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Article: Event deposits associated with tsunamis and their sedimentary structure in Holocene marsh deposits on the east coast of the Shima Peninsula, central Japan

TitleEvent deposits associated with tsunamis and their sedimentary structure in Holocene marsh deposits on the east coast of the Shima Peninsula, central Japan
Authors
KeywordsHolocene
Kii Peninsula
Tokai and Tonankai earthquake
Tsunami deposits
Issue Date2005
PublisherOsaka City University, Department of Geosciences
Citation
Journal Of Geosciences, 2005 n. 48, p. 143-158 How to Cite?
AbstractIn Japan, many earthquakes have occurred during historic times. Many tsunamis caused by these earthquakes are recorded in ancient documents. Some researchers have studied tsunami deposits in lake and marsh sediments in coastal areas of Japan. However there are only very few st udies on tsunami deposits at the Kii Peninsula. The coastal area of this peninsula faces the Nankai Trough. Tsunamis triggered by great Tokai and/or Tonankai Earthquakes (M ≥ 8), whose source is distributed along the Nankai Trough, have been causing serious damage to this area. We examined some cores related to some eve nt deposits (sand layers) possibly caused by the Tokai and/or Tonankai Earthquakes. Studied cores (A0-6, B1, P1-2) were excavated at the coastal marsh in the east side of the Kii Peninsula. In this marsh deposits, some researchers reported diatom, foraminifera, radiocarbon age and general lithofacies. We summarized these previous studies and carried out detailed lithofacies descriptions and additional radiocarbon dating to elucidate paleoenvironments of the studied area and origin of sand layers. Tempor al changes of Holocene depositional environments of the studied area were elucidated as follow: Around 7,000 cal yr BP, marine (inner bay) environment; ca. 6,500-3,000 cal yr BP, freshwater marsh; ca. 3,000-1,000 cal yr BP, influence of marine water to the marsh; after ca. 1,000 cal yr BP, fresh-water marsh; the Edo Period- the beginning of the Showa Period, the paddy cultivation in studied marsh; After the beginning of the Showa Period, fresh-water marsh (stopping of the paddy cultivation). Lithofacies and distribution of event deposits strongly s uggested that sand layers were formed by tsunamis.
Persistent Identifierhttp://hdl.handle.net/10722/132800
ISSN
2015 SCImago Journal Rankings: 0.392
References

 

DC FieldValueLanguage
dc.contributor.authorOkahashi, Hen_HK
dc.contributor.authorTasuhara, Men_HK
dc.contributor.authorMitamura, Men_HK
dc.contributor.authorHirose, Ken_HK
dc.contributor.authorYoshikawa, Sen_HK
dc.date.accessioned2011-03-28T09:29:10Z-
dc.date.available2011-03-28T09:29:10Z-
dc.date.issued2005en_HK
dc.identifier.citationJournal Of Geosciences, 2005 n. 48, p. 143-158en_HK
dc.identifier.issn0449-2560en_HK
dc.identifier.urihttp://hdl.handle.net/10722/132800-
dc.description.abstractIn Japan, many earthquakes have occurred during historic times. Many tsunamis caused by these earthquakes are recorded in ancient documents. Some researchers have studied tsunami deposits in lake and marsh sediments in coastal areas of Japan. However there are only very few st udies on tsunami deposits at the Kii Peninsula. The coastal area of this peninsula faces the Nankai Trough. Tsunamis triggered by great Tokai and/or Tonankai Earthquakes (M ≥ 8), whose source is distributed along the Nankai Trough, have been causing serious damage to this area. We examined some cores related to some eve nt deposits (sand layers) possibly caused by the Tokai and/or Tonankai Earthquakes. Studied cores (A0-6, B1, P1-2) were excavated at the coastal marsh in the east side of the Kii Peninsula. In this marsh deposits, some researchers reported diatom, foraminifera, radiocarbon age and general lithofacies. We summarized these previous studies and carried out detailed lithofacies descriptions and additional radiocarbon dating to elucidate paleoenvironments of the studied area and origin of sand layers. Tempor al changes of Holocene depositional environments of the studied area were elucidated as follow: Around 7,000 cal yr BP, marine (inner bay) environment; ca. 6,500-3,000 cal yr BP, freshwater marsh; ca. 3,000-1,000 cal yr BP, influence of marine water to the marsh; after ca. 1,000 cal yr BP, fresh-water marsh; the Edo Period- the beginning of the Showa Period, the paddy cultivation in studied marsh; After the beginning of the Showa Period, fresh-water marsh (stopping of the paddy cultivation). Lithofacies and distribution of event deposits strongly s uggested that sand layers were formed by tsunamis.en_HK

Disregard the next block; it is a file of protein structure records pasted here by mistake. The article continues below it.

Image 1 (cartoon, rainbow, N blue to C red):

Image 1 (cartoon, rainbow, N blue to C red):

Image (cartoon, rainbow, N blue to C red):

dc.languageengen_US
dc.publisherOsaka City University, Department of Geosciencesen_US
dc.relation.ispartofJournal of Geosciencesen_HK
dc.subjectHoloceneen_HK
dc.subjectKii Peninsulaen_HK
dc.subjectTokai and Tonankai earthquakeen_HK
dc.subjectTsunami depositsen_HK
dc.titleEvent deposits associated with tsunamis and their sedimentary structure in Holocene marsh deposits on the east coast of the Shima Peninsula, central Japanen_HK
dc.typeArticleen_HK
dc.identifier.emailTasuhara, M: yasuhara@hku.hken_HK
dc.identifier.authorityTasuhara, M=rp01474en_HK
dc.description.naturelink_to_subscribed_fulltexten_US
dc.identifier.scopuseid_2-s2.0-22944459529en_HK
dc.relation.referenceshttp://www.scopus.com/mlt/select.url?eid=2-s2.0-22944459529&selection=ref&src=s&origin=recordpageen_HK
dc.identifier.issue48en_HK
dc.identifier.spage143en_HK
dc.identifier.epage158en_HK
dc.publisher.placeJapanen_HK
dc.identifier.scopusauthoridOkahashi, H=23971420100en_HK
dc.identifier.scopusauthoridTasuhara, M=7102069020en_HK
dc.identifier.scopusauthoridMitamura, M=6603558821en_HK
dc.identifier.scopusauthoridHirose, K=8656424700en_HK
dc.identifier.scopusauthoridYoshikawa, S=7202952155en_HK

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